Investigational attempts for male contraception have focused on the vas with the use of the intra vas device and reversible inhibition of sperm under guidance.

Disease[edit]

The vas deferens may be obstructed, or may be completely absent in a condition called as Congenital Absence of Vas Deferens ( CABD ), (the latter a potential feature of cystic fibrosis), causing male infertility. Acquired obstructions can occur due to infections. It can be overcome by testicular sperm extraction (TESE), Micro Epididymis Sperm Extraction ( MESA ), collecting sperm cells directly from the testicle or Epididymis .

Uses in pharmacology and physiology[edit]

The vas deferens has a dense sympathetic innervation (Sjöstrand, NO (1965). The adrenergic innervation of the vas deferens and the accessory male genital organs. Acta Physiologica Scandinavica 257:S1–82), making it a useful system for studying sympathetic nerve function and for studying drugs that modify neurotransmission.[2]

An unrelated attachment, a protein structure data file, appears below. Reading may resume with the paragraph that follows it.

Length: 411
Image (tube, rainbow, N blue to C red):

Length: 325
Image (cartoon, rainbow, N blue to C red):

It has been used:

  • as a bioassay for the discovery of enkephalins, the endogenous opiates.[3]
  • to demonstrate quantal transmission from sympathetic nerve termianals.[4]
  • as the first direct measure of free Ca2+ concentration in a postganglionic nerve terminal.[5]
  • to develop an optical method for monitoring quantal transmission.[6]

Other animals[edit]

Most vertebrates have some form of duct to transfer the sperm from the testes to the urethra. In cartilaginous fish and amphibians, sperm is carried through the archinephric duct, which also partially helps to transport urine from the kidneys. In teleosts, there is a distinct sperm duct, separate from the ureters, and often called the vas deferens, although probably not truly homologous with that in humans.[7]

In cartilaginous fishes, the part of the archinephric duct closest to the testis is coiled up to form an epididymis. Below this are a number of small glands secreting components of the seminal fluid. The final portion of the duct also receives ducts from the kidneys in most species.[7]